Seats at the beginning of the parade along Orange Grove Boulevard and around the corner onto Colorado Boulevard have an unobstructed view and there is no curbside viewing in front of the grandstands. These are the most expensive seats, and you have to be there the earliest.
The cheapest seats are along Colorado Boulevard. The view in this area may be partially obstructed by poles, trees, or the corner of a building, so they are not great seats for photography, but you can see everything. Most of the other grandstand areas have a clear view. All the grandstands are built up so that the lowest seats are five feet off the ground, allowing people seated at the bottom to see over curbside viewers. It's just a matter of choice whether you prefer to be higher up and farther back or lower and closer to the parade.
Look for seats on the south side of the street (most of them are) so you won't have the sun in your eyes the whole time.
Arriving by Car
Parking is extremely limited in Pasadena during the Rose Parade. The best option is to reserve a spot in one of the parking lots around the route in advance, so you have a confirmed place to leave your car during the parade. If you purchase grandstand seating tickets, you will have the option to purchase parking with your tickets and be automatically assigned the parking garage closest to your seats.
Otherwise, there are other paid lots around Pasadena that are available on a first-come, first-serve basis. Parking anywhere along the parade route is prohibited, and the streets along the route are closed off beginning at 10 p.m. on the night before.
Arriving by Metro
If you can, skip the hassle of LA traffic and parking in Pasadena and take public transportation. If you are coming from downtown Los Angeles, the gold line of the metro takes you directly to Pasadena and will offer extended service to accommodate the crowds. Depending on where you plan to see the parade, the Del Mar, Memorial Park, Lake, and Allen stations are all within walking distance from the parade route.
- Del Mar and Memorial Park Stations are two of the closest to the parade route, two blocks away from Colorado Boulevard at Arroyo Parkway. Grandstands from 120 to 500 Colorado are closest to these stations.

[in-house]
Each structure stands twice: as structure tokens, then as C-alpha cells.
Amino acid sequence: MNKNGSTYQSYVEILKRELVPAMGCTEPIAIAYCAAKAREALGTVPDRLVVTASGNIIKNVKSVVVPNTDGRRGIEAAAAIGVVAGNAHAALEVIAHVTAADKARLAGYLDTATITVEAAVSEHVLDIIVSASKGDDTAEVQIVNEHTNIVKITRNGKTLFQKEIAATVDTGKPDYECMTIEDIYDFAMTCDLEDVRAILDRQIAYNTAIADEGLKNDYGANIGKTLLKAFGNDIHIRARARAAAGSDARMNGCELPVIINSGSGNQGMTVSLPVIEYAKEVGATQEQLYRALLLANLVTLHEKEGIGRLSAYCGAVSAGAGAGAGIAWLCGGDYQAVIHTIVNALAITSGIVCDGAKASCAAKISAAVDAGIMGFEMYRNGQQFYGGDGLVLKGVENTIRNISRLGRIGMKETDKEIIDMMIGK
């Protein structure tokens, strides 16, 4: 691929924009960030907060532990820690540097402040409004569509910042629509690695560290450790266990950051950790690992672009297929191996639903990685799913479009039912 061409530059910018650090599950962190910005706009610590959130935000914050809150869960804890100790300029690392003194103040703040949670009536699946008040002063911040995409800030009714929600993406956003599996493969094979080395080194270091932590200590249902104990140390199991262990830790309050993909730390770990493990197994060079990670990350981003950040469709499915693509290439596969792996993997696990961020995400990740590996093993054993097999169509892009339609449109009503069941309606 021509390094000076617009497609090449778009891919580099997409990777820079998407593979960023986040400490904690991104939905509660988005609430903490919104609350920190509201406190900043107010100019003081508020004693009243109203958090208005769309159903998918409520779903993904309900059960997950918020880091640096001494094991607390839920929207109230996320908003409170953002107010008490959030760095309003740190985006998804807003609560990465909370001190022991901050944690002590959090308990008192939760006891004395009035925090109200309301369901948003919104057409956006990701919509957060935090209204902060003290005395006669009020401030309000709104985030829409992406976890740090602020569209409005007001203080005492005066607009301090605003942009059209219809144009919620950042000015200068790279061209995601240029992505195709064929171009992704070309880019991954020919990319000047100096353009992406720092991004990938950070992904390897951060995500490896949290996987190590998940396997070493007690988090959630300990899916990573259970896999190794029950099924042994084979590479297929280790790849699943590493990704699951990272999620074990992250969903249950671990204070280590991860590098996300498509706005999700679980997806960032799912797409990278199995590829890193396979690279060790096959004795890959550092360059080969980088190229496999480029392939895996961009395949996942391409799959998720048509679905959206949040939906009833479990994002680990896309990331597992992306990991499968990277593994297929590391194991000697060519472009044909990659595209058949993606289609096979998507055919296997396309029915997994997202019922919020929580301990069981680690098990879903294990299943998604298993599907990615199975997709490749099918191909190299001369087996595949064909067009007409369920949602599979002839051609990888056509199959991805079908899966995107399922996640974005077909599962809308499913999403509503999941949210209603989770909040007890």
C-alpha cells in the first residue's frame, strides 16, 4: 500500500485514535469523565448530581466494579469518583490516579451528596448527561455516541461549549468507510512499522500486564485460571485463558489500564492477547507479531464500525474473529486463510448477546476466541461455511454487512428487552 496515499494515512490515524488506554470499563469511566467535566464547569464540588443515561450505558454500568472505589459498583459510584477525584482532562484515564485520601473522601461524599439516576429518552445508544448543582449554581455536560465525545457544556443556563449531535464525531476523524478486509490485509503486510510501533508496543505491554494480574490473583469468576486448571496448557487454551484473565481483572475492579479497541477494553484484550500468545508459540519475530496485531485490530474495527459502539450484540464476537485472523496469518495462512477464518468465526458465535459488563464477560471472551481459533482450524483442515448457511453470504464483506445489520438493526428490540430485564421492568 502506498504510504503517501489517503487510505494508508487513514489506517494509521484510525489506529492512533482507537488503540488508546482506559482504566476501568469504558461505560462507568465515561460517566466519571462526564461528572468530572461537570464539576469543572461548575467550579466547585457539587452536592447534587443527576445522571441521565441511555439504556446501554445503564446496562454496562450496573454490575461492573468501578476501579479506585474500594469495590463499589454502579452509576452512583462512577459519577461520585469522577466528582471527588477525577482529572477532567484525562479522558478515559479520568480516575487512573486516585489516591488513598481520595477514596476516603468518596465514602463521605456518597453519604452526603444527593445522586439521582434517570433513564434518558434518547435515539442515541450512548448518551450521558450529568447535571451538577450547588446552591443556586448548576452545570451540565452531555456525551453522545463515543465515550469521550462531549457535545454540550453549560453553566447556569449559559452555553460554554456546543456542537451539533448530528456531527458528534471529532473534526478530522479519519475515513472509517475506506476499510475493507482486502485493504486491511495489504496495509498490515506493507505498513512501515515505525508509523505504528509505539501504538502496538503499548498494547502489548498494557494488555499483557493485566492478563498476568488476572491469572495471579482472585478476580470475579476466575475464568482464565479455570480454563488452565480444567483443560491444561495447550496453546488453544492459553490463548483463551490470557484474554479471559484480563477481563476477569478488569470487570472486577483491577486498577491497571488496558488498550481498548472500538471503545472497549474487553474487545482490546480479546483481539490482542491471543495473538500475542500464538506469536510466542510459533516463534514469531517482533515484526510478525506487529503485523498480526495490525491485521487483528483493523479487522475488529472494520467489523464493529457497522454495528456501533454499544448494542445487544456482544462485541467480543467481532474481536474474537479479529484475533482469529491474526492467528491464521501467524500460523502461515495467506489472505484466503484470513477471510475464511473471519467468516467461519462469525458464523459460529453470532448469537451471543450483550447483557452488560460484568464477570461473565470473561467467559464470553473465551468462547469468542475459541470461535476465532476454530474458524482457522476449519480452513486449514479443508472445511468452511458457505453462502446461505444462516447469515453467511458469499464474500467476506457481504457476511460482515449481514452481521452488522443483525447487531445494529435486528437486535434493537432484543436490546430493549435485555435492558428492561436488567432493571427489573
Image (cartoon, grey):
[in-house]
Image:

- Lake Metro Station is about four blocks north of Colorado Boulevard on Lake Avenue. The closest grandstands are at 792 Colorado Blvd. There are not a lot of grandstands between Lake and Hill avenues, so this is a good area for curbside viewing.
- Allen Metro Station is four blocks north of Colorado Boulevard at Allen Avenue. It is the closest metro stop to the Pasadena City College Grandstands (Colorado 1500-1680). There are additional grandstands on the other side of Allen Avenue at 1880 Colorado and beyond.
- Sierra Madre Villa Station at the Sierra Madre and the 210 Freeway is near the end of the parade route on the Sierra Madre. It is actually the shortest walk to the parade route, but there aren't a lot of grandstands at this end of the parade. If you take the train to Sierra Madre Villa Station, you can get there a little later, since the parade takes about two hours to get to this point.
There are also buses to Pasadena from all over Los Angeles county that run on January 1.
Hotel Options Around Pasadena
There are plenty of places to stay in Pasadena, many along the parade route. However, what are normally budget hotels in Pasadena are way overpriced for the Tournament of Roses. Hotel rooms that are normally $70 go for over $200 during New Year's weekend. If you're willing to spend $600 per night you can get a nice room in Pasadena right up until the last minute. If you're looking for a better deal, try hotels in Glendale or Monrovia. Or better still, look for New Year's bargains in Downtown LA or Hollywood, where some of the hottest New Year's Eve parties are happening. Then take the metro to the parade in the morning.